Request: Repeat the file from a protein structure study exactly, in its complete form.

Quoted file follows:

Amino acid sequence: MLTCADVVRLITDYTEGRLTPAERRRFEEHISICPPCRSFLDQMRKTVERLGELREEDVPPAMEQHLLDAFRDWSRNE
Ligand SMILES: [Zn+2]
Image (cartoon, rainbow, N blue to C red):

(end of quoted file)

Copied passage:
Amino acid sequence: MLTCADVVRLITDYTEGRLTPAERRRFEEHISICPPCRSFLDQMRKTVERLGELREEDVPPAMEQHLLDAFRDWSRNE
Ligand SMILES: [Zn+2]
Image (cartoon, rainbow, N blue to C red):